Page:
Wipeout Tax Debt

Erase Tax Debt and IRS Liens

If you are currently overwhelmed by tax debts and IRS liens or fines, you can either make a payment agreement with the Georgia Department of Revenue or file for bankruptcy. There’s no point ignoring the problem because, with the inevitable interest, fees, and penalties, the nickels and dimes will add up over time and compound the severity of the situation.

Your situation is unique and the best plan of action will depend on numerous factors that a good GA bankruptcy attorney will be able to evaluate. The team of bankruptcy attorneys at the Law Offices of Stanley J. Kakol have substantial experience dealing with bankruptcy tax-debt relief and can help develop a bankruptcy plan that will ultimately erase tax debt and get rid of IRS liens and related fines.

There are rules and it isn’t a simple matter, but our team knows which tax debts can be discharged and the process required to discharge them. We have helped many people file for bankruptcy and get rid of tax debts that amounted to more than $704,000.

Dischargeable Tax Debts and IRS Liens

You might have heard people say that filing bankruptcy won’t erase a tax debt in Georgia. It is true that many tax debts cannot be eradicated in bankruptcy.

But there are ways of wiping out tax debts if all these conditions are met:

  • The tax debt is for income tax. You cannot discharge fraud penalties or payroll taxes in bankruptcy.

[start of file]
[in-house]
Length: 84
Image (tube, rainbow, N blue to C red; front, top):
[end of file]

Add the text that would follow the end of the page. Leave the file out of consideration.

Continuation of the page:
• You haven’t committed fraud or willfully evaded paying taxes. Bankruptcy will achieve nothing if a tax return you filed was fraudulent or you used a Social Security number that was false.
  • The tax debt should be older than three years. This means that the tax return was originally due at least three years prior to filing for bankruptcy.
  • Your tax return must have been filed at least two years before you file for bankruptcy. Some courts will allow discharge of a tax debt that is part of a late return, but many won’t.
  • You must qualify in terms of the 240-day rule which means the income tax debt was evaluated or assessed by the IRS 240 days or more before filing for bankruptcy. Alternatively, it shouldn’t have been assessed at all.

Tax liens can’t usually be removed from “real” property you own. But it is possible to avoid future tax liens.

There are many more rules and it’s a complicated legal process that only an experienced bankruptcy attorney will be able to help with.

The Best Bankruptcy Chapter to Erase Tax Debts and IRA Liens

For people who qualify for a Chapter 7 bankruptcy, this is the very best and the simplest way to eliminate income tax debt.

A Chapter 7 bankruptcy will cancel your personal obligation to pay the tax debt but it won’t get rid of previously recorded tax liens. It will though stop the IRS from trying to attach your salary, wages, or bank account. If the IRS successfully registered a tax lien on the property prior to you filing for bankruptcy, you won’t be able to discharge the lien. This means that you won’t be able to sell the property unless you pay off the lien first.

If you don’t qualify for a Chapter 7 bankruptcy, the only option will be to add tax debts to the repayment plan, if allowable.

An Experienced Georgia Bankruptcy Attorney Will Advise

A qualified bankruptcy attorney from the Law Offices of Stanley J. Kakol will establish whether your income tax debt, including late returns, is eligible for discharge. Your Kakol Bankruptcy attorney will also develop a plan of action that focuses on your financial commitments and takes care of issues like asset retention and retirement protection.

Call us to organize a free assessment of your situation and see how we can help you erase your tax debts and IRS liens with an effective debt elimination or reduction plan.